The post today is dedicated to my father, whose funeral will take place later this day. John Reuben Blalock was born in Condon, Oregon, on November 3, 1911. He died June 18, of this year—he was 100 years and seven months old.
He was still an infant when the family moved back to Tillamook, the home of my grandmother. According to my uncle Miles, they made the trip by wagon. When they passed through Portland, the family spent the night at the Multnomah hotel, an unheard of extravagance on the part of my grandfather.
My grandfather had been a Baptist missionary to the Pacific coast. The family moved to various places in Oregon, California, and Idaho, but the hamlet of Beaver, in Tillamook county, was always considered home.
After high school my father came to Portland to attend what was then called Western Baptist Theological Seminary on S.E. 28th and Salmon (the building is still there). After graduation he was called to preach, and to join his uncle in Tia An, China, as a missionary. His uncle had been in China for many decades prior to this time. When my father set out for China, it was during the great longshoremen's strike of 1934. Being unable to secure passage in the United States, he travelled to Vancouver, B.C., where he took passage on the Canadian Pacific steamer, Empress of Japan, for Shanghai. Little did he know that he was stepping into the mouth of a lion, that the Orient was about to explode into war, although that would surely not have deterred him.
|The Canadian Pacific liner Empress of Japan|
During most of the time my father was in China, the Sino-Japanese war was underway. Things became increasingly difficult, and by 1941 it became necessary to leave Tia An. My father left for the Philippines with three Chinese-American orphans in his care. They arrived in Manila just a few days before Pearl Harbor and, therefore, a few days before the Japanese occupation of Manila.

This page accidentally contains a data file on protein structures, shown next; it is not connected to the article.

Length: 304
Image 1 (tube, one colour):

My father and the children in his charge spent the remainder of the war as prisoners of the Japanese. As the Allied forces made headway in the war, the conditions in the camp became very grievous, and the prisoners were approaching death by starvation. Just prior to the execution of a Japanese order to kill the entire camp, there was a dramatic, and successful rescue made by the coordinated efforts of the Philippine guerrillas, U.S. Army troops with amphibious tractors, and the paratroopers of the 11th Airborne.
The story of these events, written by his own hand, can be found at http://www.throughfire.com/through.htm
After returning to the United States, my father spent several years following in the footsteps of his father, doing mission work on the Pacific coast. During this time he married my mother, Mary Marshall, an Ohio girl. They had two children during this time, my brother Thomas and me.
|Uncle Thomas, missionary to China, with my mother and her two kids, and some more of the old home folks in 1953|